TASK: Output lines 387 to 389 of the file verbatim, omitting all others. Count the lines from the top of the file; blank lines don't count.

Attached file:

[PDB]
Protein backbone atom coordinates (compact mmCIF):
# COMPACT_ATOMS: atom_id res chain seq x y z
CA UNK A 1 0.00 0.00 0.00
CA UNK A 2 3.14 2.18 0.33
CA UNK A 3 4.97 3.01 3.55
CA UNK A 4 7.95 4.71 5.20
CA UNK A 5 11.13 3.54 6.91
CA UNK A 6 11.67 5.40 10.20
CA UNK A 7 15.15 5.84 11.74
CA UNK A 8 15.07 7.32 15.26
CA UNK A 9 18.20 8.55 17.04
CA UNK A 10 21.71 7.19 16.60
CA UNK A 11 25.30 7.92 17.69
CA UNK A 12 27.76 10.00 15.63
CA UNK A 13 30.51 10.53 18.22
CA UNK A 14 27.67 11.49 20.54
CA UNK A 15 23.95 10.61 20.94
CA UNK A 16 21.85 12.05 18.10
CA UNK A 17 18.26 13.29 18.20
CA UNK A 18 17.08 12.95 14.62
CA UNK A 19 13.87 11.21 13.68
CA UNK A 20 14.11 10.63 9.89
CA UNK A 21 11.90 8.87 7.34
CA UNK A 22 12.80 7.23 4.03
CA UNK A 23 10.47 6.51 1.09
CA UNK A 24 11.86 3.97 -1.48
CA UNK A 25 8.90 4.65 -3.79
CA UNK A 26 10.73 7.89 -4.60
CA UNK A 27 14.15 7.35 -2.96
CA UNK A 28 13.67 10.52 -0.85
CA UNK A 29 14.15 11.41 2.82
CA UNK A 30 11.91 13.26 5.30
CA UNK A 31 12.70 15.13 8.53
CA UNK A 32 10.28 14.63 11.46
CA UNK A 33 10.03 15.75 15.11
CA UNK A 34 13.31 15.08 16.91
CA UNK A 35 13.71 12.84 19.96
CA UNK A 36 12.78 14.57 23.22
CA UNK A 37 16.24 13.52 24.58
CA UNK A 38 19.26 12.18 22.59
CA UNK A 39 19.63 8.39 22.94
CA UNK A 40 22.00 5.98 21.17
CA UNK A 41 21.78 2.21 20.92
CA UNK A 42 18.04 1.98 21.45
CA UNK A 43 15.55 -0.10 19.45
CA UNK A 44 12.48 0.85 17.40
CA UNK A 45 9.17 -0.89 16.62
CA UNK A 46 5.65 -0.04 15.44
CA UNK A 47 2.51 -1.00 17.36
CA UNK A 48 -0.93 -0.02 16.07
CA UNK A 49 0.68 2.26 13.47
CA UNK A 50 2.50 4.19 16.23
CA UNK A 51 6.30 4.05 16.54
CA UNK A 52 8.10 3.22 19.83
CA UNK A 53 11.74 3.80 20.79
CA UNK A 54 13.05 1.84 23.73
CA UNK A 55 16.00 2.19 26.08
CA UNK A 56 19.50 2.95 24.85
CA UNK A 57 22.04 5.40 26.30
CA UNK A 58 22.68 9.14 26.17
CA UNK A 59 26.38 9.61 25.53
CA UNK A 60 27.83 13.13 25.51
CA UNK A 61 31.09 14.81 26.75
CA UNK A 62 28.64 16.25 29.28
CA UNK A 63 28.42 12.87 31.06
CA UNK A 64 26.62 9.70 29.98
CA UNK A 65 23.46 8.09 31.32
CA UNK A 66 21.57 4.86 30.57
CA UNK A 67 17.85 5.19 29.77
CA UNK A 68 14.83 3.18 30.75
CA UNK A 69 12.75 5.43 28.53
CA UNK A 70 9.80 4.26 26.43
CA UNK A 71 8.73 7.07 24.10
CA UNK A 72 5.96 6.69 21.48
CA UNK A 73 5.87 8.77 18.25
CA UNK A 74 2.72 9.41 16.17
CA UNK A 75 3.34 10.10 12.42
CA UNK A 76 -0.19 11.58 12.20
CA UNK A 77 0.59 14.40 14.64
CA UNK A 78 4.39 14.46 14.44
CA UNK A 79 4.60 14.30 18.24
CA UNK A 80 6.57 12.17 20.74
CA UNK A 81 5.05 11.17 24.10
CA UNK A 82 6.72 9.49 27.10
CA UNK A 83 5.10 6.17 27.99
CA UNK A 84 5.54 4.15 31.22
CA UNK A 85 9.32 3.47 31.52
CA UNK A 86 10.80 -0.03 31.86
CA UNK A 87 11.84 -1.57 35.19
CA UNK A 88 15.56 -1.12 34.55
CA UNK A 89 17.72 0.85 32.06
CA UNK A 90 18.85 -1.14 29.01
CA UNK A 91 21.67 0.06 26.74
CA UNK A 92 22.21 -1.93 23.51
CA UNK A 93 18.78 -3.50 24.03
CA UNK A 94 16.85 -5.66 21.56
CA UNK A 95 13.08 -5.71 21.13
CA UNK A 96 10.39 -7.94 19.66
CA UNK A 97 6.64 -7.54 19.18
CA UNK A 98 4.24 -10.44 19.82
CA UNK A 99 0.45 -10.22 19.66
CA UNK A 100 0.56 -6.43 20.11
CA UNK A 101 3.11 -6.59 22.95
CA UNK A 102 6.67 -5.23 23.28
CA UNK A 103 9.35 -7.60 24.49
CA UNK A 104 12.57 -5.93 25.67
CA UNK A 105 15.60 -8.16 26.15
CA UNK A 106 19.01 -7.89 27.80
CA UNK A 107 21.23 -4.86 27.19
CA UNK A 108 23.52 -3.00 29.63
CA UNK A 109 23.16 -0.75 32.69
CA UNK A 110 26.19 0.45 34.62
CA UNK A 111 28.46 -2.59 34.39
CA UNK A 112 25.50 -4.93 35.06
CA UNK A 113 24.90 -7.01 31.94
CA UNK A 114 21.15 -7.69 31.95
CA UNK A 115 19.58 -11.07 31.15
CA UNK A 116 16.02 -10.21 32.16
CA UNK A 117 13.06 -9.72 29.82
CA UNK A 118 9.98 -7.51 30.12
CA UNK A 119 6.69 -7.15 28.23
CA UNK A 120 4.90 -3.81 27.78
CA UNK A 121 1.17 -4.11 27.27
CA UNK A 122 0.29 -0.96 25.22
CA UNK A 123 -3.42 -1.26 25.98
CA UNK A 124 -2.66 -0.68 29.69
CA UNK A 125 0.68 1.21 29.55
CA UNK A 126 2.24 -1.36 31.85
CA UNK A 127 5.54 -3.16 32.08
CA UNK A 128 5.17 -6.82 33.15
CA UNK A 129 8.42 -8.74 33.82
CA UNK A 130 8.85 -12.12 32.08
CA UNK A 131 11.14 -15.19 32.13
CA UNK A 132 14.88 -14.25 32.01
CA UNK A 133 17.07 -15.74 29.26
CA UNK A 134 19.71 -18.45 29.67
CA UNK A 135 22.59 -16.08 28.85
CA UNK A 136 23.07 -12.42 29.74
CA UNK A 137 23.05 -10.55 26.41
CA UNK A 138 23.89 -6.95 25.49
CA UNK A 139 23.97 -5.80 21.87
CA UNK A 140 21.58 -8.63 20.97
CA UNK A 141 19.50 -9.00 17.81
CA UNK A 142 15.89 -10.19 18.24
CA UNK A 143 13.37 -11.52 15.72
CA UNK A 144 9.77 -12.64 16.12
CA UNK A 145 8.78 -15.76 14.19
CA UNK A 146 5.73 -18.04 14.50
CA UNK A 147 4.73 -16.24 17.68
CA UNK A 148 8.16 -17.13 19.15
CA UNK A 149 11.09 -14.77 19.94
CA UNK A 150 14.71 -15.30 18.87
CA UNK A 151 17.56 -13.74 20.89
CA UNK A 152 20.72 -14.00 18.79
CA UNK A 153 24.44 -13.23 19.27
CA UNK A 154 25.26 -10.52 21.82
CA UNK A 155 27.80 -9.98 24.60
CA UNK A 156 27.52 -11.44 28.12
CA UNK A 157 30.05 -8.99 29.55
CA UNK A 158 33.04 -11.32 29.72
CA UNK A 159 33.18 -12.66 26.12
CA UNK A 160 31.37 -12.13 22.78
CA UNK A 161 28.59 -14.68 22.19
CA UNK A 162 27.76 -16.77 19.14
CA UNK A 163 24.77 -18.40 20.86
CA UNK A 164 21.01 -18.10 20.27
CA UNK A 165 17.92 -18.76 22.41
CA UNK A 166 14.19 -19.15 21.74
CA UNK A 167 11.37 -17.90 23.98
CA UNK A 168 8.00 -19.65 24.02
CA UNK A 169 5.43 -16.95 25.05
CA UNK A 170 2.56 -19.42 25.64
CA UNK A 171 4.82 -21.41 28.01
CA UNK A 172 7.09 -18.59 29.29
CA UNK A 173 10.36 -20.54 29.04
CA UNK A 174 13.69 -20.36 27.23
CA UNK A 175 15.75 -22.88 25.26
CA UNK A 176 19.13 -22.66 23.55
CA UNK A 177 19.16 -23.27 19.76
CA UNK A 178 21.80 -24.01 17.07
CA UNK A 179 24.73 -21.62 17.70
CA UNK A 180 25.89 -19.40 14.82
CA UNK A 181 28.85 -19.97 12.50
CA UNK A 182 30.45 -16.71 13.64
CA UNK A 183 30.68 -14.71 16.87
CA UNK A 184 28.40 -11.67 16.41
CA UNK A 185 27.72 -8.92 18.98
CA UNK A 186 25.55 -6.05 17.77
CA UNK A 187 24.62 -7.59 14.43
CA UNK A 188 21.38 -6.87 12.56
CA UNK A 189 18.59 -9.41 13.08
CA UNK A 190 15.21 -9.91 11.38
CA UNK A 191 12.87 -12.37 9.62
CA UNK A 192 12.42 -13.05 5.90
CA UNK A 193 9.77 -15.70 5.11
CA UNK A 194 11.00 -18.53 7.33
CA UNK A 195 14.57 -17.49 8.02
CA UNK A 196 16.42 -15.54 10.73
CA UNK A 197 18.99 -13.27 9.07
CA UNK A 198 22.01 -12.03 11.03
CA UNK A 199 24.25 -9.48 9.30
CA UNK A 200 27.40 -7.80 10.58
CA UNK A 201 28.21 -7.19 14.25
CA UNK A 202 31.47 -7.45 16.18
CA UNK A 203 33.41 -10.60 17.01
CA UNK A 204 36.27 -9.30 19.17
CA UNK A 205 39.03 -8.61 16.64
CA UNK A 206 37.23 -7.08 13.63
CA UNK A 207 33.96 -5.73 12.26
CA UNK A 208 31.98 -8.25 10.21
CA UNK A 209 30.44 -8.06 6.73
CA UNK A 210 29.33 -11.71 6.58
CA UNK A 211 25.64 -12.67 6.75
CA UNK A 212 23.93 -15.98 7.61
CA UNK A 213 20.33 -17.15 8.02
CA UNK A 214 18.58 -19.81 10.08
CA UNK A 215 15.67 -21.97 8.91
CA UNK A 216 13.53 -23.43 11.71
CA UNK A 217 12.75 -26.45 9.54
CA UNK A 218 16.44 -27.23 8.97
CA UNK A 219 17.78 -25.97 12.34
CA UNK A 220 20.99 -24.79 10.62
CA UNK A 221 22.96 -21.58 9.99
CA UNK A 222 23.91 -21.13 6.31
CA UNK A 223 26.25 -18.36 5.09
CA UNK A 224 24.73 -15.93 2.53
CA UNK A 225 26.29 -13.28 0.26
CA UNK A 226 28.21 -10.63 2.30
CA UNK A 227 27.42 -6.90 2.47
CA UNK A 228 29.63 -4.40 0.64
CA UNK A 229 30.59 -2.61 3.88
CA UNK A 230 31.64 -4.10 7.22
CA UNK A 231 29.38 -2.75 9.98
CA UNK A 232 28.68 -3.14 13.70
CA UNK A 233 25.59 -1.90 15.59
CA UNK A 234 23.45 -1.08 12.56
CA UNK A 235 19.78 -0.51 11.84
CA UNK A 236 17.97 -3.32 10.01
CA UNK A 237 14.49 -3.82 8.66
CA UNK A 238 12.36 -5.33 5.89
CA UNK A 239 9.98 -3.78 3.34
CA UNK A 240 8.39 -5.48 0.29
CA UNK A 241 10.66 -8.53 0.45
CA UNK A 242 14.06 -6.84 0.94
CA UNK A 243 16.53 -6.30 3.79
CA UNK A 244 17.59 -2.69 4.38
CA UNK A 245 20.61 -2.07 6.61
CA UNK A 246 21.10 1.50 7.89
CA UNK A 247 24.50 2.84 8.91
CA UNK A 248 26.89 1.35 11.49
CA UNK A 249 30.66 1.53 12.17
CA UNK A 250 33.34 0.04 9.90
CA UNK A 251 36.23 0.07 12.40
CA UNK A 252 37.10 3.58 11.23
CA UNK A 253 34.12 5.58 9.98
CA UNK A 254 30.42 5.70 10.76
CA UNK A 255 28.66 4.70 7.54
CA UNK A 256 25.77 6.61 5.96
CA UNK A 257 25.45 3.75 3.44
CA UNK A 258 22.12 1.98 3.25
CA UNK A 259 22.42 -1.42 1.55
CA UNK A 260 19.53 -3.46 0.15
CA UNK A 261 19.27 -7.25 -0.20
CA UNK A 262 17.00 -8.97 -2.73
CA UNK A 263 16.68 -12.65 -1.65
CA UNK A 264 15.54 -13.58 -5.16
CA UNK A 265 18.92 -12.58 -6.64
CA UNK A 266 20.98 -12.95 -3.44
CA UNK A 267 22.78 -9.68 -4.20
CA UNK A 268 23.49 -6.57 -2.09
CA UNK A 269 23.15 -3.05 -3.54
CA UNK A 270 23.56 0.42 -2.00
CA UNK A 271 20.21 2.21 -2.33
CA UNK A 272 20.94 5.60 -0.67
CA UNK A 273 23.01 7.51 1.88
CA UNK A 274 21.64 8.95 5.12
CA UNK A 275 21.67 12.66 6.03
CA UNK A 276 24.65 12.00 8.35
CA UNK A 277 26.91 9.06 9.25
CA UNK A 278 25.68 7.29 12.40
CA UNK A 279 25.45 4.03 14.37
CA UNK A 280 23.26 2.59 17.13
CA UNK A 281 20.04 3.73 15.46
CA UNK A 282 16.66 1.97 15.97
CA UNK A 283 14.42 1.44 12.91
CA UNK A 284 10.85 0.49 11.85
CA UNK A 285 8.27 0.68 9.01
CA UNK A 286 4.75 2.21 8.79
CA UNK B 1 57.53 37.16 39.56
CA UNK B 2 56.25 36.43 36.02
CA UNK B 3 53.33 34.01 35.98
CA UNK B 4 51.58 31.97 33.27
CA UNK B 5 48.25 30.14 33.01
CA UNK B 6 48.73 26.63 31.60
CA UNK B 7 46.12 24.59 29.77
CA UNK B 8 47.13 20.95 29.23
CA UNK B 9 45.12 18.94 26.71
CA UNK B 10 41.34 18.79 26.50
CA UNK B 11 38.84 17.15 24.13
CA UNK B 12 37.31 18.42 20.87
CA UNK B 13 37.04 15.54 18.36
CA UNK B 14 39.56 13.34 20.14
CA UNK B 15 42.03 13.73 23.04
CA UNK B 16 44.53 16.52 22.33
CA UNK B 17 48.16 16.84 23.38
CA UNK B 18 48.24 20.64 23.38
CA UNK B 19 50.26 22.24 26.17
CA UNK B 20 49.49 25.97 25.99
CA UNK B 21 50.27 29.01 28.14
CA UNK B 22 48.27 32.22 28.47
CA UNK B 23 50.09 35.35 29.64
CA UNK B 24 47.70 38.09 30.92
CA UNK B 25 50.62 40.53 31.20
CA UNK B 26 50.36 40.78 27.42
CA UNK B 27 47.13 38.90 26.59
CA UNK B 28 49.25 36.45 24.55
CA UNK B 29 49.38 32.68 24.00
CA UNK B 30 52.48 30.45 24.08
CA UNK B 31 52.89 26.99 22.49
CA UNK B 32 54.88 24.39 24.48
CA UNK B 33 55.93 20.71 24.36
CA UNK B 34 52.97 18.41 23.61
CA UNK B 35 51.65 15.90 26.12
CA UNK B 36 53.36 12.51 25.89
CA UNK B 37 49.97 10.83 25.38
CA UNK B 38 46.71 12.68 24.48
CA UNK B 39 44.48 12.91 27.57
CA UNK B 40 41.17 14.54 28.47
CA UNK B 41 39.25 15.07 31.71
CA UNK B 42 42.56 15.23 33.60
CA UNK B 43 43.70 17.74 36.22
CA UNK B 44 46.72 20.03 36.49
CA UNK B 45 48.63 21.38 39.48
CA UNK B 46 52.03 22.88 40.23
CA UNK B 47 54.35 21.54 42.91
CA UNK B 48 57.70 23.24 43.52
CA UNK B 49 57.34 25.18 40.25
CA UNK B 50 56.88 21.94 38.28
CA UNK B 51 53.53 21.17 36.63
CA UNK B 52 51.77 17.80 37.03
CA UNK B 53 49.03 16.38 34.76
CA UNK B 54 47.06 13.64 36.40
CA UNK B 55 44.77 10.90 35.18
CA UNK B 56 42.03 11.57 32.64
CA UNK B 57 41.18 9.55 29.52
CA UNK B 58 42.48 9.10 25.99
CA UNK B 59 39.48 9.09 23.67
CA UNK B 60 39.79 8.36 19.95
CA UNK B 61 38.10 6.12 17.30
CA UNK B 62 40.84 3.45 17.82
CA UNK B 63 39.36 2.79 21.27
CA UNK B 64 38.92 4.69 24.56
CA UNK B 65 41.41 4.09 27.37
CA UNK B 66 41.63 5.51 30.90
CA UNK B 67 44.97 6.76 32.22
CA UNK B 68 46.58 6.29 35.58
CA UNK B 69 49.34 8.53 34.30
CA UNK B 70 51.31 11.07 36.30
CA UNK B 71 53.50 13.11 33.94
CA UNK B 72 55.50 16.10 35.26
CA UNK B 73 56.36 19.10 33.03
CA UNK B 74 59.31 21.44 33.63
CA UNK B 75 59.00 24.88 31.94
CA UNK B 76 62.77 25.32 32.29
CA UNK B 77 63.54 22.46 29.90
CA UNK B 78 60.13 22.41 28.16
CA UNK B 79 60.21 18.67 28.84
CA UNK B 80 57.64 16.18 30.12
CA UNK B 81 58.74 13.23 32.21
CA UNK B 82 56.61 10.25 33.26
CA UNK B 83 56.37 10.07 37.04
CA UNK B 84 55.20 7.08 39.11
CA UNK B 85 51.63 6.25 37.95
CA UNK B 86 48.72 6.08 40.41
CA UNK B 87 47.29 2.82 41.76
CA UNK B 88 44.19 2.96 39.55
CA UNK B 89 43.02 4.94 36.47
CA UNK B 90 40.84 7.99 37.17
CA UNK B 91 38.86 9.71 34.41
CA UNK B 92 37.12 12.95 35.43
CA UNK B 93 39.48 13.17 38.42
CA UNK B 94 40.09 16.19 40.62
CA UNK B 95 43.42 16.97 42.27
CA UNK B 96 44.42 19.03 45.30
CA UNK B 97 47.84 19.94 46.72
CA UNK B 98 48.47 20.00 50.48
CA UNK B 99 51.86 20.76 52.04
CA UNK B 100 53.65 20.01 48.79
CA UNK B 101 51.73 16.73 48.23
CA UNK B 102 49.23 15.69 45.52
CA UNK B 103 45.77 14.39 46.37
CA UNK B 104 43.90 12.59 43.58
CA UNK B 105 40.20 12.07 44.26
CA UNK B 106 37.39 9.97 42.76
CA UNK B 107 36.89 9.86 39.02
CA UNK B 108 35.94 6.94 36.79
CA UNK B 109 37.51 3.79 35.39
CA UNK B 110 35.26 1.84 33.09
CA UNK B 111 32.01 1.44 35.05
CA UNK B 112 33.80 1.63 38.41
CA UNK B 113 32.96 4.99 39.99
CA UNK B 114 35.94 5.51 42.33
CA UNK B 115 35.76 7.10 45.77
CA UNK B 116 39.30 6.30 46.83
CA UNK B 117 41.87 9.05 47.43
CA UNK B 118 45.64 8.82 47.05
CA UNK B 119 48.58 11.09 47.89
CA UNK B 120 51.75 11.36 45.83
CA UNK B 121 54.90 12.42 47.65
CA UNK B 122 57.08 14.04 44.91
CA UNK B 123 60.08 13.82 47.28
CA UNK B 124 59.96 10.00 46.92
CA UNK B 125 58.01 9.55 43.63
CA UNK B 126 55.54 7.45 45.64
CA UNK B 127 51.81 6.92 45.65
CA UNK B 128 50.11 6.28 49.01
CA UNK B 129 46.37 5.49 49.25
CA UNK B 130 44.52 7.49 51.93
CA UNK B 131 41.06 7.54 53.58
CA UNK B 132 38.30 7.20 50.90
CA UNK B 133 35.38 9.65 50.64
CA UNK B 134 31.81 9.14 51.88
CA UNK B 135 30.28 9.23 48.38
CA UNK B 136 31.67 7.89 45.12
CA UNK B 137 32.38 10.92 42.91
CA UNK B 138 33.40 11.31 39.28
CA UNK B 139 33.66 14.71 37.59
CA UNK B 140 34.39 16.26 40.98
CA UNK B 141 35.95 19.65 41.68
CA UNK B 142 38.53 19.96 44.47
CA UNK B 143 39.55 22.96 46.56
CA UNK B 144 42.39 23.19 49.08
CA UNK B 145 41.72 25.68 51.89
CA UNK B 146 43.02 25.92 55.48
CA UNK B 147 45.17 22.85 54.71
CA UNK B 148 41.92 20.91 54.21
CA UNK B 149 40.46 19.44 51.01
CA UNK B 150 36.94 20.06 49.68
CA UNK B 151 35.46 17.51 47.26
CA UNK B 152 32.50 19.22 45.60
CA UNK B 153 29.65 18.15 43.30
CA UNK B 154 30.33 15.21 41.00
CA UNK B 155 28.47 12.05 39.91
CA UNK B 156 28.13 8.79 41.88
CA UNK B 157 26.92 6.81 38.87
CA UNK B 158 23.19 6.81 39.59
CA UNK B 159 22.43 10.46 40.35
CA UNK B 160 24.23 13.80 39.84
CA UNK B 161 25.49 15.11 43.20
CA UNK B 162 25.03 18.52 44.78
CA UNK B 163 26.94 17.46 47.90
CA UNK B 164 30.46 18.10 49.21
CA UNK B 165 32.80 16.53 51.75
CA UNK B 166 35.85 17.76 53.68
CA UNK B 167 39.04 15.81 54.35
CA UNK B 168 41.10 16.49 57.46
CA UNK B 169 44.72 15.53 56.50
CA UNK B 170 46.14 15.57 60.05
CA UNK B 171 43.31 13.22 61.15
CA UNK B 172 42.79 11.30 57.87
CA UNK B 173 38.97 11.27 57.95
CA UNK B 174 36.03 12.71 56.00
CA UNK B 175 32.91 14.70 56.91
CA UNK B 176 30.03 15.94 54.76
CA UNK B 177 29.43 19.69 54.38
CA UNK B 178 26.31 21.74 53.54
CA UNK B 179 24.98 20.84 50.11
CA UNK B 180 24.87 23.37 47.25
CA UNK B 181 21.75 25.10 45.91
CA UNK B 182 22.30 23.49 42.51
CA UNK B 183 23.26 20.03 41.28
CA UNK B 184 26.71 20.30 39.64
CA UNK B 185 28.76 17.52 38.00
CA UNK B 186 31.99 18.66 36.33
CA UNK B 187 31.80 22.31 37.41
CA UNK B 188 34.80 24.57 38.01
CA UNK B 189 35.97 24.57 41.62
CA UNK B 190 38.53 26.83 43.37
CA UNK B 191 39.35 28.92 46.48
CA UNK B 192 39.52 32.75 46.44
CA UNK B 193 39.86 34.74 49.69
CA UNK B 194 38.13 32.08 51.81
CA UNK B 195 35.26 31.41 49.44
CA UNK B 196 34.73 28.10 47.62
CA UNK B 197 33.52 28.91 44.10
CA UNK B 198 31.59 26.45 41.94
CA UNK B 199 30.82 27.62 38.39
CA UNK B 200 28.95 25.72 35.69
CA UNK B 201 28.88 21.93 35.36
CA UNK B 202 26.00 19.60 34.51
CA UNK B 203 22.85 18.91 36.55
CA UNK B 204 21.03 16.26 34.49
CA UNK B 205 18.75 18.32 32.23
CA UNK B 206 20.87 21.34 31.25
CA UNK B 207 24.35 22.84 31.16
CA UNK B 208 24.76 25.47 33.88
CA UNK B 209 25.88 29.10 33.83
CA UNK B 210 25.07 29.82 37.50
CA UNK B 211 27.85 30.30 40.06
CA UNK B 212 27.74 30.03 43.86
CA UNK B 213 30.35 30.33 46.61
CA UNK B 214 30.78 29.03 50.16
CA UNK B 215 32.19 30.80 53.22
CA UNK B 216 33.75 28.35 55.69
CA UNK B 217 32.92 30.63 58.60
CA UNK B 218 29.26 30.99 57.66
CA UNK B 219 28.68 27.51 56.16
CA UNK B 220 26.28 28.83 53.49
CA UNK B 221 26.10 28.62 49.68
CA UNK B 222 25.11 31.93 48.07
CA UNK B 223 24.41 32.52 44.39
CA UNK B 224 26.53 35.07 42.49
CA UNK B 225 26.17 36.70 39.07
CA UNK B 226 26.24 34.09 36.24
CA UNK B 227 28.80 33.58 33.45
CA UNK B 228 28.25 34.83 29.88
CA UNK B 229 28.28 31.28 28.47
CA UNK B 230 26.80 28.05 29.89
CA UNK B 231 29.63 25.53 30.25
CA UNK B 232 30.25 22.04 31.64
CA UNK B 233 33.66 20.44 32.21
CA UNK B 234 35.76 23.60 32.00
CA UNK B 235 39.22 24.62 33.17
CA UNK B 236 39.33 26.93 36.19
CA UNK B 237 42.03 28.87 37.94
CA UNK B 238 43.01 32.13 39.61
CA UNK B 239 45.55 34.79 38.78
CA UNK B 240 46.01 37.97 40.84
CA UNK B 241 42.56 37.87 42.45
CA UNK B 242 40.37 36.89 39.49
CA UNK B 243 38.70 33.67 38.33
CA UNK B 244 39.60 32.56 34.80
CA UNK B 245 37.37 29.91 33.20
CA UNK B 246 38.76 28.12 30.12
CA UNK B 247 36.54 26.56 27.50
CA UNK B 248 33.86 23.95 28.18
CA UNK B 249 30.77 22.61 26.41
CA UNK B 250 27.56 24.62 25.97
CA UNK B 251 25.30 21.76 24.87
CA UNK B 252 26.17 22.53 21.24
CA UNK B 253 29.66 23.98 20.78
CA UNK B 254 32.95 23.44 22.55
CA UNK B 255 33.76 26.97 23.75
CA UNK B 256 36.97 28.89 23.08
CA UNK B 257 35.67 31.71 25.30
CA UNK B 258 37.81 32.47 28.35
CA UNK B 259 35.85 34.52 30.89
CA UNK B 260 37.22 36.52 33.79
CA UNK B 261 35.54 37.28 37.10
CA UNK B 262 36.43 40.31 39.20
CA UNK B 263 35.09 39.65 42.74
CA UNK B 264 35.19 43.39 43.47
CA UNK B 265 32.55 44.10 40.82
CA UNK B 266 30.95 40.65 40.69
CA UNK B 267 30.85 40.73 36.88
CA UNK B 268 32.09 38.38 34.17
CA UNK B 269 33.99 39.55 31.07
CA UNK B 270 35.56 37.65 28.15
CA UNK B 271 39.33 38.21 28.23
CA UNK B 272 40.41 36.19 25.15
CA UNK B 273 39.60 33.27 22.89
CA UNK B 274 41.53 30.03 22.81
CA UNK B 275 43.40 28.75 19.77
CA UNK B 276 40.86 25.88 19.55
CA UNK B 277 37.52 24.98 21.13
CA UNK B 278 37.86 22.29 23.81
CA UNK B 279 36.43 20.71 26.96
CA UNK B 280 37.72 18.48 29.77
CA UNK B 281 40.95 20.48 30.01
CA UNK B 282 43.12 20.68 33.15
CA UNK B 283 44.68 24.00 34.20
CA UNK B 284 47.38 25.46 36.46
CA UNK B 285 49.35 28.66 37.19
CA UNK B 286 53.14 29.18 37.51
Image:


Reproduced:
CA UNK B 98 48.47 20.00 50.48
CA UNK B 99 51.86 20.76 52.04
CA UNK B 100 53.65 20.01 48.79